We decide on a whim to get takeout for dinner. I set our grocery budget to $350 a month even though we typically don’t use that much on actual groceries. We use the extra to get takeout once a month or so. After much deliberation, we order from a local Irish pub: a fish sandwich with potato cakes and a corned beef and potato quesadilla with pepper Jack-stuffed pretzel bites. It’s all delicious.

Credit: Courtesy of Bridget

Friday: Butternut Squash Pasta with White Beans

I make myself soft-boiled eggs with toast for breakfast while my partner eats a bagel with cream cheese and a spoonful of peanut butter. For lunch, I eat an oatmeal bite and an apple and my partner drinks a smoothie. Dinner is a new recipe: butternut squash pasta with white beans.

Credit: Courtesy of Bridget

Saturday: Biscuits and Gravy

I’m heading over to Indianapolis to take an aerial silks class and grab lunch with a friend, but I get up early enough to make homemade biscuits and gravy. Lunch is at The AMP, a new-ish food hall with over half women- and minority-owned or -led businesses. For budgeting purposes, we only put groceries and takeout for both of us in the grocery budget. When either of us get dinner or a drink individually or with a friend, we budget it into our personal spending amounts for the month. I spend $11.16 for an order of toasted ravioli and a lemonade, then $4.96 on a chocolate-covered strawberry and a chocolate-covered Oreo at a different stall. I think about my partner drinking his standard smoothie and consider bringing him something home, but I conclude that it won’t be good by the time I get home (an hour-and-a-half drive). By the time I get back it’s nearly dinner time; I make lentil Bolognese with penne, another new recipe.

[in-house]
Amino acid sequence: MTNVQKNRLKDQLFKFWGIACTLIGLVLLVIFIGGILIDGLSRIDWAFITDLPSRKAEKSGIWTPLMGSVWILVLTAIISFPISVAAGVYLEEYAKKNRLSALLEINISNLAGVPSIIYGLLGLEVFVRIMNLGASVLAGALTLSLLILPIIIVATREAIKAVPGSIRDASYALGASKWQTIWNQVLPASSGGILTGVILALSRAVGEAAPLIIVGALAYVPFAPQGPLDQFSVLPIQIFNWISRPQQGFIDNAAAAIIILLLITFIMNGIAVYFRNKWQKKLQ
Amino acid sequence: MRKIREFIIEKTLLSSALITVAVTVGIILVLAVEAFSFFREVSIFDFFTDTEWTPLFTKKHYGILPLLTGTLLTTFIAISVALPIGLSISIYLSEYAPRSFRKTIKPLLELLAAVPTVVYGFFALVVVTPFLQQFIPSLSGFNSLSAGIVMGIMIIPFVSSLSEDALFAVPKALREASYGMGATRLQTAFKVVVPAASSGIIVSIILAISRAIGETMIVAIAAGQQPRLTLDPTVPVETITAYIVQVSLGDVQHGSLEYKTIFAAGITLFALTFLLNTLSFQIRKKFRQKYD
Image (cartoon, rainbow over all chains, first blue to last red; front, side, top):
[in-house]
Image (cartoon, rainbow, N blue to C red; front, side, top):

Credit: Courtesy of Bridget

Sunday: Sausage and Peppers with Boiled Potatoes and Spinach

I make a batch of pumpkin muffins for breakfast with the intention of eating one and passing on the rest to my family. After some cleaning and a long walk to a friend’s house and back, I make a quesadilla with chips and guacamole for lunch. My partner makes yet another smoothie. For dinner, I sauté the remainder of the sausage and peppers with boiled potatoes and spinach. This is one of my favorite types of meals to make: Something I sort of make up that pulls together a bunch of random leftover ingredients to produce a very tasty result. I think that’s what I love most about meal planning and cooking — figuring out the most efficient, cheapest, and creative way of utilizing ingredients to keep our grocery budget low and reduce food waste while still creating delicious meals.